A study by the United Service Institution (USI) of India has found that more than half personnel of the Indian Army are going through severe stress. The study has also highlighted that the Army is losing more men due to suicides, fratricides and untoward incidents than of any enemy or terrorist activities. United Service Institution of India is a national security and defence services think tank based in New Delhi.
The study was conducted by Col. AK Mor, Senior Research Fellow at the USI during 2019-2020, and presented at a webinar entitled "Prevailing Stress Levels in the Indian Army due to Prolonged Exposure to Counter Insurgency/Counter Terrorism Environment" held in October 2020.
One of the major findings of the study highlighted that "there has been a significant increase in stress levels amongst Indian Army personnel during approximately last two decades due to operational and non-operational stressors." The study further noted, "Prolonged exposure of Indian Army personnel to Counter Insurgency and Counter Terrorism (CI/CT) environment has been one of the contributory factors for increased stress levels."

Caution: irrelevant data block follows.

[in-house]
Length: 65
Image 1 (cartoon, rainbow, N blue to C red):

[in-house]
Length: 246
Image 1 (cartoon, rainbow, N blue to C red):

Lower job satisfaction among officers
One of the most concerning findings of the study was related to job satisfaction among the Army personnel. The overall job satisfaction found to be high among Junior Commissioned Officers (JCOs) and Other Ranks (ORs). In contrast, "It seems to be a growing matter of concern amongst Officers, requiring urgent interventions from the highest levels of Government."
Although military personnel have understood and accepted operational stressors, the study states that non-operational stressors add "compound adverse effects on soldiers' health and combat performance and thus often affect their respective units."
Major cause of stress
Compared to JCOs and ORs, officers face comparatively much higher accumulated stress levels and the stress causative factors are also different. Inadequacies in the quality of leadership, overburdened commitments, inadequate resources, frequent dislocations, lack of fairness and transparency in postings and promotions, down gradation in pay and status, inadequate promotional avenues, lack of motivation amongst juniors, non-grant of leave, indifferent attitude of civilian officials and short command tenures are some of the causes for high stress among officers.
But for the ranks of JCO and OR, "delay and denial of leave, excessive engagements, domestic problems, humiliation by seniors, lack of dignity, unreasonable restrictions on use of mobiles, lack of recreational facilities, conflict with seniors as well as subordinates, health problems, the inadequacy of train reservation, inefficient administrative support, financial problems, lack of transparency in promotions, non-adherence to unit tarteebs, delay in crediting of financial claims and poor quality of rations as well as cooked food," are among the cause of stress, found the study.